Done, done, and done. I don’t know why I’m writing about Campbell now, particularly, except that his name, or the filthy story-telling laws that have become his legacy, have cropped up in a few different locations over the last few weeks, and I think it’s about time that “The Heroes Journey” becomes the quaint, antiquated notion of a plot engine that it was always destined to be.
Archive for February, 2010
I think John Krasinski would be a pretty good Captain America.
That is all.
Which…Avatar doesn’t get better, the more you think about it. I’ll warn you right now about that.
Rather than bother with a straight-up review of Avatar – spoiler alert, I thought the visuals were really nice, the CGI characters were so smooth I honestly forgot I wasn’t looking at real actors, the script didn’t have two braincells to rub together, and Sam Worthington can’t fucking act, as it turns out – I figure I’d just address certain issues I ran into with the movie.
Why is 3D making a comeback? Well, the obvious answer – because Avatar is a runaway success – but why was Avatar itself in 3D? I’m a little lost on that point. Was there a clamoring for it? I don’t believe so. The people I talk to are pretty split on the issue – some like it, some don’t. I don’t. At all. I always THINK I will, but every time, my eyes strain, the glasses are an uncomfortable fit (at least for Avatar ; during Coraline I felt like I was Roy Orbison – which is to say I felt awesome), every time I tilt my head the screen goes blurry, and – most problematically – I find I’m not sure what I’m supposed to be focusing on.
And that’s…kinda crucial for a movie. Particularly a movie that is full of things that aren’t really there. The 3D instead gives everything a bit of a free-floating nature (and not just the stupid damn fireflies in the foreground that audiences are supposed to swat at), so the brain has to do extra work interpreting the weight, placement and grounding of each object before it can get anything else done.
My point here: if you want me to get into the story, I have to accept the world presented to me as real. Which brings me to point two. Read more »
I was at the comics store in King of Prussia, looking at comic books while I waited for Verizon to fix my superphone. While I was there, I overheard a conversation between the clerk and, I presume, another customer, about why they were less than enthusiastic about the idea of gay marriage.
This was a revelation for me, I suppose because I tend to assume that people who like the things I like are basically the same as I am. This was false, and I found myself compelled to get involved.
Dear Television Gods:
I would like to respectfully submit my request for the Best Thing On Television Ever. You could make it my combo Birthday/Christmas gift, maybe? That means you’ve got plenty of time to make this happen, and it’s my understanding that if I believe in you (and also perform some heinous arcane acts*), you guys can do it!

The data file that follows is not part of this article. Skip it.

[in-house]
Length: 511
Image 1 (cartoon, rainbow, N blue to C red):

What I want is this: a TV’s Smartest Man in the Room Competition. It would feature the (often self-proclaimed) most-genius-ever headliners of currently-airing primetime dramas, in a room with each other, trying to show how much smarter they are than their competitors. A non-reality reality contest show, if you will.
I do not know how they would prove this, but I’ve got some ideas. But first, the competitors:
It would star Dr. Gregory House (from House), Dr. Calvin Lightman (from Lie to Me), Patrick Jane (from The Mentalist), Nathan Ford (from Leverage), Ben Linus (from Lost) and Michael Weston (from Burn Notice).
There would also be two wildcards:
Which will apparently air in 3D with Alice in Wonderland.
Thank you, BBC1, for sparing me 3D, which, after my Avatar experience (more on that this week), I have had quite enough of, thank you very much.
What do you think? And if we could somehow avoid the “He’s too YOUNG to be the Doctor!”, that’d be great.
In the interests of Network synergy, ABC and CBS are combining their two most popular shows into one, EVEN MORE POPULAR SHOW. Survivor: Lost.
There will be some key differences between this show and a regular episode of Lost.
One of the most interesting things about “Lost” as a narrative is its ever-broadening scope. And of course, that’s one of the most frustrating things for a viewer who likes to theorize about what’s Actually Going On Here.
I really pity the people who were dead-sure that everyone was dead and in purgatory in season one. Not because they were dead-wrong, and sometimes bullheadedly sticking to a theory that was constantly and explicitly dismissed by the actual storyline (no, you tell ME why there’d be polar bears in Purgatory!).
It’s because they were trying to describe an elephant in the dark, so to speak – trying to explain the larger “Lost” story when they were just feeling smaller parts of the whole, and even then they hadn’t gotten a good enough look at what they were basing their descriptions on.
(God bless whoever first put forth that Elephant-in-the-Dark proverb, it’s just so handy.)
From OTHER friend of Threat Quality, Adam Landon:
Live in New York? Ever been to the KGB bar’s Fantastic Fiction reading?
You are missing out.
I will be there tonight, so will Peter Straub. I am not promising that I will try and headbutt his glasses off, but I’m not promising that I WON’T, either.